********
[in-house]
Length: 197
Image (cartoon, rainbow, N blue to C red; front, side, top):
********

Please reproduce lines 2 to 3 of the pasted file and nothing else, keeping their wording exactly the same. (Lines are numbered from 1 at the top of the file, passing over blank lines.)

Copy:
Length: 197
Image (cartoon, rainbow, N blue to C red; front, side, top):